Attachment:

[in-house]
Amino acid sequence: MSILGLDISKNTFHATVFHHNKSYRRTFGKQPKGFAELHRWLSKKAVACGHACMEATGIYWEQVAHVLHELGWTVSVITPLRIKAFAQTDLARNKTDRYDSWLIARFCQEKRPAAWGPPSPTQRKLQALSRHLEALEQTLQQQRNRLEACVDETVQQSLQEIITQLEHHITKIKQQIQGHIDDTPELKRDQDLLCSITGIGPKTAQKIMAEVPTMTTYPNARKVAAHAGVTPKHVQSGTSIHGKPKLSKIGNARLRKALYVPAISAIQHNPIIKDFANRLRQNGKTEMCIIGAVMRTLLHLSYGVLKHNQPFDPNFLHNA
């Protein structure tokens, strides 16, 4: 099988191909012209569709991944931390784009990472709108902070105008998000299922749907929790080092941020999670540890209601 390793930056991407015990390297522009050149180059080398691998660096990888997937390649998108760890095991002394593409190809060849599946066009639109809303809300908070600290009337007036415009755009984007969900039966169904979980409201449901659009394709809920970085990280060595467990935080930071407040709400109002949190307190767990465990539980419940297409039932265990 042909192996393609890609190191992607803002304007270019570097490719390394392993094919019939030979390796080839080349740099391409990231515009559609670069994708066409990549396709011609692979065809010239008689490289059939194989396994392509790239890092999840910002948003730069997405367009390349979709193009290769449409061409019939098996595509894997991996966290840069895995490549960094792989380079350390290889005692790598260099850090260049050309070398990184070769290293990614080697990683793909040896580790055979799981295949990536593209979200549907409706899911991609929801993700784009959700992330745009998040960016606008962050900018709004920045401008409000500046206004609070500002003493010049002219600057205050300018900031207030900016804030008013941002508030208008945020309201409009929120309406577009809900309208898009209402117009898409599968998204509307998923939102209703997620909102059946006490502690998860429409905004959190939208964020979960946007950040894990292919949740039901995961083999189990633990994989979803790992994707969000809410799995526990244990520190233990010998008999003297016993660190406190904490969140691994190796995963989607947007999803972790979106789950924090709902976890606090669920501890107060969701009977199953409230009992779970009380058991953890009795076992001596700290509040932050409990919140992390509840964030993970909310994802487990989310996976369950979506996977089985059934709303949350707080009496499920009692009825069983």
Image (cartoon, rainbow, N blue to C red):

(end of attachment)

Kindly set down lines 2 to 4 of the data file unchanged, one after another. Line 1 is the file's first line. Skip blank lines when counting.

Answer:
Amino acid sequence: MSILGLDISKNTFHATVFHHNKSYRRTFGKQPKGFAELHRWLSKKAVACGHACMEATGIYWEQVAHVLHELGWTVSVITPLRIKAFAQTDLARNKTDRYDSWLIARFCQEKRPAAWGPPSPTQRKLQALSRHLEALEQTLQQQRNRLEACVDETVQQSLQEIITQLEHHITKIKQQIQGHIDDTPELKRDQDLLCSITGIGPKTAQKIMAEVPTMTTYPNARKVAAHAGVTPKHVQSGTSIHGKPKLSKIGNARLRKALYVPAISAIQHNPIIKDFANRLRQNGKTEMCIIGAVMRTLLHLSYGVLKHNQPFDPNFLHNA
């Protein structure tokens, strides 16, 4: 099988191909012209569709991944931390784009990472709108902070105008998000299922749907929790080092941020999670540890209601 390793930056991407015990390297522009050149180059080398691998660096990888997937390649998108760890095991002394593409190809060849599946066009639109809303809300908070600290009337007036415009755009984007969900039966169904979980409201449901659009394709809920970085990280060595467990935080930071407040709400109002949190307190767990465990539980419940297409039932265990 042909192996393609890609190191992607803002304007270019570097490719390394392993094919019939030979390796080839080349740099391409990231515009559609670069994708066409990549396709011609692979065809010239008689490289059939194989396994392509790239890092999840910002948003730069997405367009390349979709193009290769449409061409019939098996595509894997991996966290840069895995490549960094792989380079350390290889005692790598260099850090260049050309070398990184070769290293990614080697990683793909040896580790055979799981295949990536593209979200549907409706899911991609929801993700784009959700992330745009998040960016606008962050900018709004920045401008409000500046206004609070500002003493010049002219600057205050300018900031207030900016804030008013941002508030208008945020309201409009929120309406577009809900309208898009209402117009898409599968998204509307998923939102209703997620909102059946006490502690998860429409905004959190939208964020979960946007950040894990292919949740039901995961083999189990633990994989979803790992994707969000809410799995526990244990520190233990010998008999003297016993660190406190904490969140691994190796995963989607947007999803972790979106789950924090709902976890606090669920501890107060969701009977199953409230009992779970009380058991953890009795076992001596700290509040932050409990919140992390509840964030993970909310994802487990989310996976369950979506996977089985059934709303949350707080009496499920009692009825069983």
Image (cartoon, rainbow, N blue to C red):